A Pembrokeshire Ghost Story

Image courtesy of mystic Art Design at Pixabay

One morning long ago, in the early days of the reign of the first Queen Elizabeth, the fishermen of Tenby set sail from the harbour. It began as a glorious summer day, so folk were expecting a trouble-free hunt and  a safe return, their nets brimming with the abundance of a light sea.

As the day wore on, the skies began to darken ominously and the sea began to heave and boil. The fishermen hauled in their nets and hurriedly set sail for the safety of the harbour while their families came together on Castle Hill watching and praying for their safe return.

Counting the boats in one by one, it was these watchers who first noticed a large ship far out in the bay in difficulty.

Those that spoke of the event after were clear that this ship was not one known to any of them. It certainly wasn’t local, and more mysterious were the lights that danced upon the deck and the ghostly shapes that moved through the rigging.

Stranger still, none of the watchers could make out who or what was at the helm, though something certainly seemed to be guiding the vessel to safety.

It was night before the ship ran aground with what was described as a noise like thunder. The watchers raced to the shore to offer what assistance they could to the crew of the stricken vessel but when they arrived on the shore they found nothing, neither ship nor crew.

Understandably the good people were frightened and fled to their homes where they were  tormented through the night with wailing voices and odd noises carried by the howling wind.

When morning came, the skies were clear and bright again and some of the braver folk of Tenby walked down to the beach to see what they might find.

There was no evidence of a ship, either whole or wrecked, but much to everyone’s amazement there was a lone man, strangely dressed, lying at the top of the beach in a deep sleep.

The man was taken in and kindly tended by one of the townsfolk but when he eventually woke, he would not satisfy their curiosity as to his origins and how he had come to be where they had found him.  Furthermore, he refused all offers of help and hospitality. Instead, as soon as he was able, he took himself off to St Catherine’s Island where he remained.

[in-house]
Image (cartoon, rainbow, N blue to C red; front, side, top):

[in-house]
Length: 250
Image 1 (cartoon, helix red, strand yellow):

It was to a local shepherd who brought him food that he finally made his explanation for the strangeness of his arrival. The shepherd was later to relate how the stranger had told him that he had lived a wicked life as a pirate and had been responsible for the murder of many sailors while plundering ships along the coast of Wales. The stranger explained that in a jealous rage he had killed his lover and how his own ship had been taken over as punishment by the ghosts of all the other innocents he had murdered. These were the lights and shapes the local people had seen and heard on the night of the storm and his arrival on Tenby shore.

In great distress the old pirate went on to explain that he was plagued now by sea maidens who called to him with messages from his dead lover, telling him that she was happy at last and wanted him to join her.

The shepherd said that as the stranger told him this tale his agitation grew to such a pitch that, all of a sudden, he leapt up screaming that he longed for peace and was coming to be with her, his lover. With that, he ran to the cliff edge, threw himself into the waves below and was drowned.


Kitty Parsons

Kitty has forgotten how long she has been here now but she loves Pembrokeshire for its beauty and it's people. She spends her time searching out stories for pembrokeshire.online, swimming in the sea , drawing and painting as Snorkelfish and eating cake. She says "Pembrokeshire.online has been an opportunity to celebrate this beautiful county and its people. Keep the stories coming. We love to hear from you."

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